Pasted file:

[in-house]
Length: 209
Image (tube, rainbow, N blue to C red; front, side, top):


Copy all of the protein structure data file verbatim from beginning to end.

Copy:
[in-house]
Length: 209
Image (tube, rainbow, N blue to C red; front, side, top):